As a small business owner, there are a number of expenses that can be deducted from your return in order to reduce your tax burden. Some potential deductions are obvious, but some may be surprising. The best way to make sure your business is deducting as much as possible while staying within IRS guidelines is to hire a certified public accountant who can provide financial and tax advice. Here are 20 small business tax deductions to talk to your financial professional about:
Advertising and Marketing
Some of the advertising expenses small businesses owners can deduct include online marketing expenses, branding expenses, TV and radio advertising, marketing agency or consultant fees, printing costs, and promotion-related events.
Mileage incurred strictly from business travel can be a small business tax deduction (commuting expenses do not qualify). Small business owners who use a vehicle exclusively for business purposes may be able to deduct the full cost of operating the vehicle.
Bank Service Charges
If a small business owner is charged a monthly or annual service fee for any bank accounts used in the business, the fees charged qualify as a tax deduction.
Business gifts to either clients or employees are generally deductible up to $25 per recipient per year, regardless of how much was spent on the gift.
There are many types of charitable contributions that are tax deductible for small businesses. The Small Business Administration website has a thorough explanation of legitimate charitable contribution tax deductions.
Continuing Education Expenses
Education and training expenses that maintain or improve a small business owner’s skills that are directly used in operation of the business may be tax deductible.
Cost of Goods Sold
If a small business manufactures or purchases and stores products for resale (i.e., inventory), the cost may be deductible. In order to use this deduction, the business must value inventory at the beginning as well as at the end of each tax year to determine the cost of goods sold.
Small business owners can deduct the cost of equipment used in the operation of the business, including: computers, servers, printers, copy machines, cash registers, phone systems, tools, manufacturing equipment, and machinery.
Home Office Expenses
If a small business owner uses part of his or her home for the business, the related expenses may qualify for a tax deduction. This applies to homeowners and renters in all types of homes. The IRS website provides more guidelines for home office deductions.
Some insurance premiums may be deducted, including: liability insurance, malpractice insurance, and workers’ compensation insurance.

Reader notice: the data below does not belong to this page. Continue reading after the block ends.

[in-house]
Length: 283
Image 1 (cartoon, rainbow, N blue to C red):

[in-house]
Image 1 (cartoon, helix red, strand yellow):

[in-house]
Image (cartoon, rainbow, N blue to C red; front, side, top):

Legal and Professional Fees
Payments made to lawyers, tax professionals, or consultants can generally be deducted in the year they are incurred.
A small business that is required to have specific licenses or permits in order to operate may deduct the cost of those licenses on the tax return.
Any furniture used in a small business office or waiting room qualifies as a tax deduction. The cost can either be deducted fully in the year of the purchase, or it can be depreciated over several years.
There is a wide variety of office supplies that can be deducted, including: paper, paper clips, legal pads, pens, ink and toner cartridges, file folders, etc. It’s important to keep receipts for all of these purchases in order to include the expenses as a deduction.
Professional Association Dues
Small business owners can deduct association dues if the owner belongs to a professional organization, and membership is an ongoing and necessary expense.
Rent can be included as a tax deduction if a small business owner rents a property that is used exclusively for the business.
Contributions made to SEP IRA plans, SIMPLE IRA plans, or other qualified plans can be deducted from a business owner’s personal income tax return.
Any software purchased for the business may be tax deductible. This can include downloadable or boxed software, as well as software subscriptions.
New small businesses can deduct $5,000 in the first year of business, although there are a number of restrictions based on how much was spent to start the business. Read more about start-up expense deductions at About’s U.S. Business Law/Taxes site.
Travel and Entertainment: Transportation, including rental car fees, and hotel costs are fully deductible when traveling for work. Dining while traveling is deductible at 50%.
Make sure you verify that your business qualifies for any deductions by working with a tax professional. As you go through the process of preparing your taxes to be filed, make sure you avoid these biggest tax filing mistakes small business owners often make.